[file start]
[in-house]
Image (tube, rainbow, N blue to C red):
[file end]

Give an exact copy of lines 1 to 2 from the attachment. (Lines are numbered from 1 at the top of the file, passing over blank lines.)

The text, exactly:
[in-house]
Image (tube, rainbow, N blue to C red):